One of the most enjoyable aspects of this unexpected double-act is that not only is it fair game for Nick Nack to hire rival assassins to take out his mega-rich boss, but should he succeed, he’ll inherit everything. This twists an already neat story feature into a revealing insight into both characters and sets up some of the most engaging dialogue of the film.
As a henchman, Nick Nack was probably envisaged as a pocket-sized Oddjob – a suited personal assistant happy to kill for his boss and the obvious inspiration behind Austin Powers’ ‘Mini-Me’ – but the performance of Hervé Villechaize made him something much more: equal parts charming and unpredictable. In an installment that didn’t need any more comic relief (it’s already Pepper-ed with returning Sheriffs and Karate Kids), Nick Nack could easily have sunk ‘The Man with the Golden Gun’, instead his appearances lift the film.
Uniquely for a villain, Nick Nack is captured not killed, and the film closes with him locked up and sailing to fates unknown. Speaking of fates, whilst the man who played Nick Nack went on to achieve great success in TV’s ‘Fantasy Island’, his own roller coaster story would end in tragedy, and a Villechaize biopic has long been in development with ‘Game of Thrones’’ Peter Dinklage attached to star.
(‘The Spy Who Loved Me’; ‘Moonraker’)
Along with Oddjob, Jaws has transcended the role of henchman to become one of the most recognizable characters in 007 history, synonymous not just with the height of the Moore era but with James Bond lore. The villain checklist is full of ticks with this one – so much so that he’s the only henchman to return for a second outing, and many would argue he’s the obvious number one because of it.
But the overbearing, sinister grin of ‘The Spy Who Loved Me’ – never more menacing than at the Egyptian pyramids – is replaced by the overdone, silly gurn of ‘Moonraker’ – summed up by a random appearance that shatters an otherwise great opening sequence. The qualities that initially make Jaws a formidable henchman – the teeth, the smile, the inability to die – are the same qualities that lead to him becoming a comic foe, and in truth Jaws’ transition from monstrous enemy to loveable fiend is complete after his first few appearances.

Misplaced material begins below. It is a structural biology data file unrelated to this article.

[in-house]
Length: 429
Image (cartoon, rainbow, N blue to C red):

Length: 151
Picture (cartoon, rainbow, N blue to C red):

Towards the end of his tenure as a henchman, Jaws has outstayed his welcome, and despite his defection to Team Bond alongside his tiny new girlfriend, his re-entry must go down as a mistake. Despite (or perhaps even because of) this, he stands as an iconic Bond character, and either way, his first few appearances in ‘The Spy Who Loved Me’ are enough to solidify his henchman ranking.
3. Fiona Volpe
If, ‘Xenia is one of an elite group of women who play Bond at his own game’, then Fiona Volpe is that group’s leader – beautiful, deadly and blowing the villains around her out of the water. Luciana Paluzzi had originally auditioned for the role of Domino, the vengeful, enigmatic Bond girl of ‘Thunderball’, but the part went to Claudine Auger, allowing Paluzzi to play one of the great, albeit often forgotten, Bond henchmen.
As main villain Largo points out, cannon-fodder Vargas, ‘does not drink, does not smoke, does not make love’, and this leaves Fiona to have a little fun whilst carrying out her evil deeds. She’s more than happy to frolic with Major François Derval to aid SPECTRE’s plans, doesn’t flinch at killing Count Lippe with her missile-shooting motorbike, and when Bond finds her naked in the bathtub and gets his ‘flirt’ on, it’s really her calling the shots.
Volpe’s loyalty to SPECTRE is certainly genuine but her fleeting affection for Connery’s 007 is not as clear-cut, and once the inevitable deed is done she invites her fellow henchmen to the party, telling Bond he, ‘only has to make love to a woman and she starts to hear heavenly choirs singing… But not this one!’ As she straightens his tie, it’s hard not to view the scene as a reversal of Connery slamming the door shut on a freshly-bedded Miss Taro in ‘Dr. No’, telling the superintendent to ‘be careful of her nail varnish’.
Her death is the climax of a truly wonderful scene. Bond escapes his captors and is chased through the streets, unavoidably leaving a trail of blood for his enemies to follow. He winds up at the Kiss Kiss Club, dancing with Fiona as concealed shooters take aim… The drums swell and Bond swivels; Volpe taking a bullet to the spine courtesy of her own men.
Fiona is forced to sit the rest of ‘Thunderball’ out (she’s just dead), and in doing so the film loses perhaps its finest quality. Helga Brandt (Karin Dor) is an acceptable replacement in ‘You Only Live Twice’, but her finest moments only serve as a reminder of Volpe’s dominance two years earlier – a dominance that stood strong until 1983 when ‘unofficial’ henchwoman Fatima Blush crashed onto screens in ‘Never Say Never Again’. Blush (Babara Carrera) is a crazy re-imagining of Fiona and the highlight of a curious film notable for its wonderful villains. ‘You’re quite a man, Mr. James Bond’, remarks Fatima, ‘but I am a superior woman!’